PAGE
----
Update
Show Summary Details

Page of

PRINTED FROM OXFORD REFERENCE (www.oxfordreference.com). (c) Copyright Oxford University Press, 2021. All Rights Reserved. Under the terms of the licence agreement, an individual user may print out a PDF of a single entry from a reference work in OR for personal use (for details see Privacy Policy and Legal Notice).

date: 19 May 2022

Great Expectations 

Source:
The Oxford Companion to English Literature
Author(s):
Dinah BirchDinah Birch

A novel by Charles *Dickens, which first appeared in All the Year Round 1860–61, in volume form 1861. It describes the development of the character of the narrator, Philip Pirrip, commonly known as ‘Pip’, a village boy brought up by his tyrannical sister, the wife of the gentle blacksmith Joe Gargery. He is introduced to the house of Miss Havisham, who, half‐crazed by the desertion of her lover on her bridal night, has brought up the girl Estella to use her beauty as a means of torturing men. Pip falls in love with Estella, and aspires to become a gentleman. Money and expectations of more wealth come to him from a mysterious source, which he believes to be Miss Havisham. He goes to London, and in his new mode of life meanly abandons the devoted Joe Gargery, a humble connection of whom he is now ashamed. Misfortunes come upon him. His benefactor proves to be an escaped convict, Abel Magwitch, whom he, as a boy, had helped; his great expectations fade away and he is penniless. Estella marries his sulky enemy Bentley Drummle, by whom she is cruelly ill treated. Taught by adversity, Pip returns to Joe Gargery and honest labour, and is finally reunited with Estella, who has also learnt her lesson. Other notable characters in the book are Joe's uncle, the impudent old impostor Pumblechook; Jaggers, the skilful Old Bailey lawyer, and his good‐hearted clerk Wemmick; and Pip's friend in London, Herbert Pocket. ... ...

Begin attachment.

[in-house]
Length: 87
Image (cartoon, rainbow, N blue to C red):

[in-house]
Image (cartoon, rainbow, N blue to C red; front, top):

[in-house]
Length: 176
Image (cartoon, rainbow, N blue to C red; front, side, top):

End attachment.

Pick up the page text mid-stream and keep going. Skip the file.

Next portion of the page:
Access to the complete content on Oxford Reference requires a subscription or purchase. Public users are able to search the site and view the abstracts and keywords for each book and chapter without a subscription.

Please subscribe or login to access full text content.

If you have purchased a print title that contains an access token, please see the token for information about how to register your code.

For questions on access or troubleshooting, please check our FAQs, and if you can''t find the answer there, please contact us.